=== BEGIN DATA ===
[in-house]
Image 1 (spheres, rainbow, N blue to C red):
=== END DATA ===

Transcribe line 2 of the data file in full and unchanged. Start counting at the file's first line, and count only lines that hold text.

Image 1 (spheres, rainbow, N blue to C red):